Then line 52 calls wp_mail and the function returns the result. Simple, isn't it?


How To Conditionally Add Fields in MySQL DB Table

The Problem

When building an installation script for your software you usually have to create the required database tables. This is easy to do with running simple DB queries. Works great when installing first version. But once you have to start upgrades it can quickly become a nightmare. Of course you can't always create the tables from scratch because the user might already have some data in them! So you have to update them by adding the new fields only.


The Typical Solution

The usual way of handling this is storing the current version in the database, then running ALTER TABLE queries only if the version installed is older than the version when the new fields are added. This is a decent approach but rather error-prone because you have to be very careful of updating version numbers and assigning new fields to them.


The Better Approach

Instead of this, I am suggesting you the simpler approach we follow with our Wordpress plugins - for example BroadFast for Wordpress. We do frequent upgrades there and instead of trying to match ALTER TABLE statements to version numbers, we choose a conditional approach to adding fields in the tables.

Conditional simply means that we'll check if a field is already in the table, and if not, we'll add it only then. Let's see the function:

  1. // $fields - array of arrays. Each field is associative array having name and type.  
  2. // see the sample call after the function to get better idea  
  3. // $table - the name of the target table  
  4. function add_db_fields($fields$table) {  
  5.     global $wpdb// this is in WordPress, you may use some other object in your system  
  7.     // get existing fields  
  8.     $table_fields = $wpdb->get_results("SHOW COLUMNS FROM `$table`");  
  9.     // let's store the names only in this array  
  10.     $table_field_names = array();  
  11.     foreach($table_fields as $f$table_field_names[] = $f->Field;  
  13.     // and this is the array of fields that we'll need to add         
  14.     $fields_to_add=array();  
  16.     // let's fill $fileds_to_add  
  17.     foreach($fields as $field) {  
  18.          if(!in_array($field['name'], $table_field_names)) {  
  19.               $fields_to_add[] = $field;  
  20.          }   
  21.     }  
  23.     // now if there are fields to add, run the query  
  24.     if(!empty($fields_to_add)) {  
  25.          $sql = "ALTER TABLE `$table` ";  
  27.          foreach($fields_to_add as $cnt => $field) {  
  28.              if($cnt > 0) $sql .= ", ";  
  29.              $sql .= "ADD $field[name] $field[type]";  
  30.          }   
  32.          $wpdb->query($sql);  
  33.     }  
  34. }  
This is the whole function you need. It gets your array with fields, for each field check if it exists, and if not, adds it. The function can be called with multiple fields, but should be called once for each table where you are adding fields. Here is how to call the function:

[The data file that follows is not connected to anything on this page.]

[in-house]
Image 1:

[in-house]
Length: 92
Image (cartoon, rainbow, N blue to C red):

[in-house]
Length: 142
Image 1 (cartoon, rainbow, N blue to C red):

1. $fields = array(  
  2.       array("name"=>"sender""type"=>"VARCHAR(255) NOT NULL DEFAULT ''"),  
  3.       array("name"=>"require_name""type"=>"TINYINT UNSIGNED NOT NULL DEFAULT 0"),  
  4.       array("name"=>"auto_subscribe""type"=>"VARCHAR(255) NOT NULL DEFAULT ''")  
  5. );  
  6. add_db_fields($fields"mailing_lists");  
There isn't much to comment here. The table is called "mailing_lists" and we are conditionally adding three fields to it. Note that $fields is array of associative arrays, and each of them has name and type. The field "type" contains the full list of SQL arguments for the fields, not only the type. Obviously this function works only for adding new fields. This is the most common operation when releasing upgrades. Of course, you can expand it further to support CHANGE queries (but it won't change field names).


Better PHP Calendar Class

I've dealt with creating monthly calendars in PHP and it has always been a bit of pain. How exactly to show the days in the month in a table without creating ugly and hard to maintain code? I believe this time I was able to find a good solution.

A PHP Class

It's a PHP class that will output the dates of the given month in array. But in order to make the dates fit their place in the week, the class outputs zeros in the place of "empty" days. So the first week of a month starting in Wednesday would be this array:

[0, 0, 1, 2, 3, 4, 5]

This allows you to loop through the returned arrays without worrying where to start the week. If you use a table, you could simply output " " when the date is 0 and output the number (and colored background) when the date is a number. Here is an example in HTML:

Using the output in HTML:

    <?php for($i=1;$i<=$num_weeks;$i++):?>
            <?php $days=$_calendar->days($m[0], $m[1], $i, $num_weeks);
            foreach($days as $day):?>
            <?php endforeach;?>
    <?php endfor;?>

Easy, eh? We just output a table row for every week in the month ($num_weeks is also a method in the class as you'll see below) and for the days with date we output the date (otherwise just blank space).

You can see how it works live in this period calendar.

The PHP Code